By Joshua Farnsworth (Writer at WoodAndShop.com) This is part 2 of George Lott’s traditional workshop. In part 1 I returned to the Frontier Culture Museum in historical Staunton, Virginia, to visit the men who are responsible for much of the reproduction furniture there: George Lott, Ken Knorr, and David Puckett. In this second video you’ll see George Lott’s amazing collection of antique tool chests, hand planes, hand saws, and workbenches. George gave me a tour of several of his...
I’m using the design from Wood Magazine Nov. 2009 as a guide. I found a solid core door for $5.00 on craigslist months ago that will be my bench top. Went to Menards to get the majority of my wood and some of the screws, casters, etc. The rest I will get from Ace when I need them. Got to use my new/used table saw. Put my new blade and zero clearance insert in it and cleaned up the table. Used my basic miter saw which isn’t big enough to cut some pieces in half. That is wh...
Last weekend I hit the shed pretty hard. I cleared out a lot of old crap and took it to be donated or thrown away. Then I built my first work bench out of the 4×4s and other scrap wood I scored from work. It is a really simple design that I saw on Stevin’s YouTube channel wood working for mere mortals. http://www.youtube.com/watch?v=lQWY7Pi4v-M&feature=youtube_gdata_player I like how simple it is. I built it in a couple hours or so, and I like the flexibility that I can b...
The Leg vice starts out 1 1/2×8 x34” Near table top height. The top tapers to the bottom in mine and the others I saw so that the bottom flexes first when its used. Mine Is 1/4 inside the leg width and 8”inches at the top.. You want the top face to drop its dimension down to the screw and then taper so that it looks like a coffin kinda… Here is a picture of it done and laying on the leg its to be mounted on.. I Already chopped and fitted the bottom of the ...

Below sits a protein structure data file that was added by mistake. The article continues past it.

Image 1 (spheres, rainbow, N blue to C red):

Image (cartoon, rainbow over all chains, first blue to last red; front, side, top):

My bench has had a gaping…er…gap in the middle of it since I built in in December 2012. Since I have Thanksgiving week off, I thought I’d remedy the situation. The divider is a simple piece made with two boards of sapwood-y black walnut with oak spacers. The bench was quite useful for gluing the thing together. The shot below shows that I staggered the spacers to accommodate different sized tools. After a little cleanup on the table saw and some fine...
Since my last entry I have spent one and a bit days working on the bench.This has involved sizing the verticals, cutting the tenons on the ends of the verticals and cutting the mortice for the stub tenon in the stretchers. SizingSizing the verticals was done on the jointer, table saw and thicknesser. The jointer was used to get two side straight and at right ankles to each other. The dimension for the width of the vertical (that is from the side, not the end) required that it be about si...
Glue up timeI was able to get my bench base into its new home today and did the final gluing which was just the stretchers on the back at the bottom which are mortise and tenon joints and the top rails which are bridle joints. After I glued in the stretchers on the back, I was going to glue in the top rails at the same time. I put the back rail in place and to my amazement the bridle joints didn’t line up (imagine me with a stupid expression on my face, ok, I know that isn’t so...
Well all finished just have to add a few more coats of poly to the mdf I do about 6-8 on the mdf for the extra protection. Anyways here are a few pictures of it completed, i’ll try and get some pics of where it’s new home will be. The sides are walnut lot’s of sap wood, entire boards of it first time using wood like this, red oak doors and drawers.
I just picked up what appears to be an earlier version of a Sjobergs model 1660 http://www.rlarson.com/Product/sjoberg/index.html bench. Because I want storage & prefer it to be heavier, (it’s a nice bench, but pretty light weight) I plan on making a cabinet insert similar to the one they offer. Since no instructions came with it, I have a question for any Sjoberg owners. I know what the bench dog holes and hold down holes are, but there are 2 – 1 1/4” steel tube lined ...
Finally got the bench to the point where it’s time to flatten the top and finish it. Going into the project almost a year ago, I made a promise to myself that I would flatten the top by hand. I’ve seen the fancy router sled used by the Woodwhisperer (among others), but that’s not how I wanted to go (besides the fact that I don’t want to put down $50 on a wide-pass router bit). The top wasn’t too far out of flat, globally. However, there were lots of...
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